CHARLESTON, W.Va. – Eighty-one years since the U.S. Supreme Court ruled that schools cannot compel students to salute the flag, ACLU-WV has put education officials on notice that they could be violating the ruling. A review of every high school and several middle schools in West Virginia has found at least six schools that unconstitutionally require students to remove hats, stand for flag-raising ceremonies, and other forms of compelled expressive speech.

During the height of nationalism that swept the country during WWII, the American Civil Liberties Union (ACLU) brought a lawsuit against the state Board of Education for the expulsion of two sisters who refused to salute the flag in accordance with their Jehovah’s Witness faith. The expulsions exposed the children to delinquency hearings and their parents to criminal prosecution. On June 14, 1943, The U.S. Supreme Court ruled in West Virginia State Board of Education v. Barnette that forcing students to salute the flag or recite the Pledge of Allegiance is a violation of their First Amendment rights.

A review of schools this week found that student policy handbooks at Calhoun Middle/High School (page 34), Riverside High School (page 29) in Kanawha County, Summers County Comprehensive High School (page 8), Richwood High School (page 30) in Nicholas County, Sissonville Middle (page 8) in Kanawha County, and John Adams Middle School (page 19) have flag policies that could violate students’ constitutional rights. To mark the anniversary of the ruling, ACLU-WV has sent a letter to school officials to educate them about compliance.

“Not only has this question been settled, it was settled right here in Kanawha County eight decades ago,” ACLU-WV Legal Director Aubrey Sparks said. “Any school that is requiring students to salute or pledge allegiance to the flag is doing so in violation of 81 years of legal precedent.”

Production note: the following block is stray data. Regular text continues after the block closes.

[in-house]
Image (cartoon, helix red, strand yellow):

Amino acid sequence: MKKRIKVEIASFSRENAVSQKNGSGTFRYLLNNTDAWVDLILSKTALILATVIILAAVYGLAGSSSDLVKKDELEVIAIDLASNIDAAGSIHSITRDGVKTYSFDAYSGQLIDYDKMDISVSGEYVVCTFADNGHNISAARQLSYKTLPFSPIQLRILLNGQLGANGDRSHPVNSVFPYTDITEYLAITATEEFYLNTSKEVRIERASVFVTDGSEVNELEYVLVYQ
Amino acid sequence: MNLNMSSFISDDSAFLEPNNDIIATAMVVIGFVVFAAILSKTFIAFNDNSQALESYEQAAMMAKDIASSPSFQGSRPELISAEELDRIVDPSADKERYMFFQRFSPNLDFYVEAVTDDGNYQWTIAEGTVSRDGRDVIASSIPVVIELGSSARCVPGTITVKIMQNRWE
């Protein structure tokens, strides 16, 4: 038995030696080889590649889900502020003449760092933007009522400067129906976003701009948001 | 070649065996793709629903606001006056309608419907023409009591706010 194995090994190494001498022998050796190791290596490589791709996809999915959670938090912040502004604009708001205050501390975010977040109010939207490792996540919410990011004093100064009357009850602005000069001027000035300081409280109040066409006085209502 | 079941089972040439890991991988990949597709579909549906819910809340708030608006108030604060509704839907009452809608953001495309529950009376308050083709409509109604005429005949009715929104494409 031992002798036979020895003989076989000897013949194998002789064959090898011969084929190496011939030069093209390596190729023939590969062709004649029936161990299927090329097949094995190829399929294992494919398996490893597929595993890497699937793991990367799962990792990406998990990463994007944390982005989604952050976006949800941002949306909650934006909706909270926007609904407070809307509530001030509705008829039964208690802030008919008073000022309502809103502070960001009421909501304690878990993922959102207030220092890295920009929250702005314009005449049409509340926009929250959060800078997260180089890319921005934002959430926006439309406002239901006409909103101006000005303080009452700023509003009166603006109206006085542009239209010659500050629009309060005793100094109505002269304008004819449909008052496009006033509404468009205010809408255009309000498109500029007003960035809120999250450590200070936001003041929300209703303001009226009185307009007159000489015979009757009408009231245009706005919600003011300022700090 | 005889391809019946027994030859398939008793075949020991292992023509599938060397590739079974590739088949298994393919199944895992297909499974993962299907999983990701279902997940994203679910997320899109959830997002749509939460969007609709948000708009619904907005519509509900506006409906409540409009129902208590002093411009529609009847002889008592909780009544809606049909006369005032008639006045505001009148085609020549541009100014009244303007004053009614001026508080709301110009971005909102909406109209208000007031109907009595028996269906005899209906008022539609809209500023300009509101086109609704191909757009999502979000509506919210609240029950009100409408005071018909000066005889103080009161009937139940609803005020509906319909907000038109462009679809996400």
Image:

The letter, prepared by the ACLU-WV legal department with assistance from legal fellows Patrick Hassen (West Virginia University College of Law) and London Henderson (American University Washington College of Law) was sent to administrators at the schools named above.

“The Constitution affords protection for Americans to freely express our beliefs and ideas. That protection expands beyond written and spoken word; it extends to symbolic speech as well. People can express themselves through drawing, music, dance, or hairstyles among many others. One powerful way that people can express themselves is by choosing to remain silent when everyone else is agreeing, or remaining sitting when everyone else stands. Barnette codified that right. Students still have that right in schools today. Students cannot be compelled to recite, stand, or salute for the flag or the pledge of allegiance,” the letter states.

Sparks added that many schools have “outstanding” policies regarding students’ free speech rights, and that the vast majority of schools appear to be complying with the ruling.

Any public school student that is forced to recite the Pledge against their beliefs is encouraged to contact the ACLU-WV legal team at or by calling 304-345-9246.